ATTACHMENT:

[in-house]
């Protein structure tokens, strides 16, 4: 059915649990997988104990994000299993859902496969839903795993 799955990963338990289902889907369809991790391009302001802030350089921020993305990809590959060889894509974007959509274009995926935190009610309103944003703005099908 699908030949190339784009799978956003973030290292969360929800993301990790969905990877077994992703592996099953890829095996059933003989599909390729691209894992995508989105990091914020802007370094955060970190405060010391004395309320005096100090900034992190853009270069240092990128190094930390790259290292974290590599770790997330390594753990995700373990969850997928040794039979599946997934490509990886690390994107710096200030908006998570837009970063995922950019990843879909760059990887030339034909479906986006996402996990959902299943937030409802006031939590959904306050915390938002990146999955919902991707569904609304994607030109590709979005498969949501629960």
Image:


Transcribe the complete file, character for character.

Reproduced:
[in-house]
């Protein structure tokens, strides 16, 4: 059915649990997988104990994000299993859902496969839903795993 799955990963338990289902889907369809991790391009302001802030350089921020993305990809590959060889894509974007959509274009995926935190009610309103944003703005099908 699908030949190339784009799978956003973030290292969360929800993301990790969905990877077994992703592996099953890829095996059933003989599909390729691209894992995508989105990091914020802007370094955060970190405060010391004395309320005096100090900034992190853009270069240092990128190094930390790259290292974290590599770790997330390594753990995700373990969850997928040794039979599946997934490509990886690390994107710096200030908006998570837009970063995922950019990843879909760059990887030339034909479906986006996402996990959902299943937030409802006031939590959904306050915390938002990146999955919902991707569904609304994607030109590709979005498969949501629960």
Image: